Given the array of talent we’ve seen of late in Hollywood from British shores, there could be a perception that there isn’t any talent left in the UK. Well, our Festival bears testimony to the fact that far from a dearth of UK filmmaking, there is an untapped seam of creatives in the film industry ploughing on irrespective of where lights are shining. Included in this collective is creative entrepreneur Aysha Scott who stretches her filmmaking chops by directing for the first time, a feature film called Absent: The Cycle of A Broken Home.
Sadly, there’s also a perception that women-of-colour-led productions aren’t happening in Britain, but this production is evidence that this is a myth too, particularly when one considers the independent routes. The Absent film entry into the industry is an important one as it helps to shift in a positive way, the representation of Britishness on our screens.
The producer and writer of short films to include It Still Hurts (featured in our November programme as well as London’s S.O.U.L.) and Voice Of Reason (alongside award-winning director Antoine Allen), Scott is Founder and Director of A Scott Productions Ltd. She has also co-written and produced feature film Residential, which premiered at the British Urban Film Festival (BUFF) in 2016 and was nominated for three awards at BUFF in 2017.
Absentee parenthood, still a sensitive subject, is guaranteed to see many a heated argument where people may want to apportion blame as they manage real hurts from their own abandonment issues relating to absent parents. So many of us have some experience of it. If not directly, then we know someone, who knows someone. Aysha’s Absent dares to tread further into the lesser exposed film treatment of absentee fathers and intends to explore it from a more nuanced perspective. A perspective which shows that often, absentee fathers have a repeated family history of absent parenting. The film is partly based on Aysha’s own personal experiences and follows this story:
Feisty, ambitious and driven, 32-year-old Angel Washington is a go-getter. Hailing from humble beginnings in south London, she has her own blossoming career goals when she meets Marcus, a 35-year-old, handsome man with an equally attractive career. Deeply in love, Angel bears Marcus’s child, Joshua, All seems well to begin with but Marcus finds that the commitment and sacrifices that family life demands and the backdrop of his glamourous, city stockbroker spoils are areas of his life that he cannot balance. Marcus cannot live up to the promises that he made his young family and leaves Angel to a life she’d never envisioned, that of single parenthood. It’s in her quest to pursue Marcus in his responsibilities to his child, Angel’s life descents into hardship as she looses her job and as a result, any hope of continuing her own precious career dreams.
So why is Aysha treading in such difficult waters? “…I’m making this film because I am tired of hearing countless stories of pain, anger, resentment and blame. I’m fed up of the misconception of broken homes, the negative stereotypes put on single mothers and the lack of knowledge of the life-long effects of parental absence. This happens far too often in our society…”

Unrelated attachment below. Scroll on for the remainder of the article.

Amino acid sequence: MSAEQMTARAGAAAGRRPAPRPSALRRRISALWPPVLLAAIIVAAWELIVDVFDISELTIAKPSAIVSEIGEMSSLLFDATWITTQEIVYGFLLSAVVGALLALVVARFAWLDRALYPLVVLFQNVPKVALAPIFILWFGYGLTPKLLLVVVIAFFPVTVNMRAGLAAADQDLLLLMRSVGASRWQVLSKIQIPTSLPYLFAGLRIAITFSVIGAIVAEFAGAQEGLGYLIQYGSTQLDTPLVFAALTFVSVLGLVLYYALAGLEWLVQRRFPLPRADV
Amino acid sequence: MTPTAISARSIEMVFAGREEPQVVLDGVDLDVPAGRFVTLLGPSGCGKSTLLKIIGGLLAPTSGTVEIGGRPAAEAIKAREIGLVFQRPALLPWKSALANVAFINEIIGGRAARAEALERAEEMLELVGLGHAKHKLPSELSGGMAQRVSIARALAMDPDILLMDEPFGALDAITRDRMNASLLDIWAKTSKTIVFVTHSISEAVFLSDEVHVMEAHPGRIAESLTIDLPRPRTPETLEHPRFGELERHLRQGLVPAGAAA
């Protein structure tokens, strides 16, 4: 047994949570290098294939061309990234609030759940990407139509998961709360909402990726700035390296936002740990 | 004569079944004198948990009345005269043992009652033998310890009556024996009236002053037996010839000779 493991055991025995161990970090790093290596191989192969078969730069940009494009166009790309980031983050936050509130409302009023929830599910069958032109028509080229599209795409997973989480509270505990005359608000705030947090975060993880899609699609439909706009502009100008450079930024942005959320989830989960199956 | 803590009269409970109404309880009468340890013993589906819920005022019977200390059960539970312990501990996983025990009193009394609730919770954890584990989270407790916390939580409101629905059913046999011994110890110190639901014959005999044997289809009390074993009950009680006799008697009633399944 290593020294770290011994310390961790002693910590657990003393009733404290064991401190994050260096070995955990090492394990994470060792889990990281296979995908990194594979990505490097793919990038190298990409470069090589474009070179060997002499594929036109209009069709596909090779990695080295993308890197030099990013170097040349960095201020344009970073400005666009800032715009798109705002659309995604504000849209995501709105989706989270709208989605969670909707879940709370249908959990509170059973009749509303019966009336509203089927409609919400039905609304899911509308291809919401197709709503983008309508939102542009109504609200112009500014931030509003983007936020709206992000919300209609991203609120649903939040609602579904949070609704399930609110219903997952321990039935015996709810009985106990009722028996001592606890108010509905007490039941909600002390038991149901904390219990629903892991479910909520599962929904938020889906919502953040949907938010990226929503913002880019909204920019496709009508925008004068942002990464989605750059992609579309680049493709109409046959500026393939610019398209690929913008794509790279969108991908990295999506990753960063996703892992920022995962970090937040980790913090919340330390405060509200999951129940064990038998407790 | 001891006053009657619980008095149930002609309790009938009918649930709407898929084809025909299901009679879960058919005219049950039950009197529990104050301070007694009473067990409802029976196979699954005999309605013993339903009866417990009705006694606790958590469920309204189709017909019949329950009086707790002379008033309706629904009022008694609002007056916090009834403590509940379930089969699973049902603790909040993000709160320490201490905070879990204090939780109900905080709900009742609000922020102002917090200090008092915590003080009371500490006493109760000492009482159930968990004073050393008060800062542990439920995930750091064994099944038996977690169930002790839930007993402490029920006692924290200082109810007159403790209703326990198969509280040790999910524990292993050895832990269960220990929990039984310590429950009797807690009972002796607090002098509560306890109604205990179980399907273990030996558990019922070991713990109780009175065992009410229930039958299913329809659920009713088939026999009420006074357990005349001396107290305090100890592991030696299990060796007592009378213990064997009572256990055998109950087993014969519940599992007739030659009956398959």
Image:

Absent stars long-standing soap opera actress Tiana Benjamin as ‘Angel Washington’, who appeared in popular soap Eastenders from 2006 to 2010 as ‘Chelsea Fox’. Alongside her is Kayode Akinyemi as ‘Marcus Hamilton’, who had roles in The Legend Of Tarzan 2016 and the hit webseries by Danielle Scott Haughton, Dear Jesus. Danielle you’ll remember, joined our panel discussion last November which investigated the changing face of the broadcast industry. In the role of ‘Joshua’, their onscreen-child is Jaden Ayodele.
Behind the lens, the crew includes Josephine Sampson as producer. She is the founder of Asme Productions Ltd. There’ll be Zoran Veljkovic as DoP. He has the films Bridge 2016 and Abraham’s Point 2008 included in his credits and finally Laurelle Jones as co-producer (our very own 2017 Festival Coordinator).
Absent begins an exciting crowdfunding campaign via well-known creative platform Indiegogo. When we get to the screens to watch the glossy end product of filmmaking, we’re often unaware of the production costs required to bring us our films. Using crowdfunding platforms, we can get some insight into where the money goes and this expenditure is mapped out in the detailed Absent campaign. This includes budgets for location sourcing, licencing fees, editing, film colouring, festival submissions as well as salaries for crew and cast, to name a few. The production plans to wrap in June 2018.
We wish Aysha and the campaign well so that it meets its target and hope that you can support also. You’ll be rewarded with some great perks too which start from as little as £10. More details and methods of support can be found on the links below.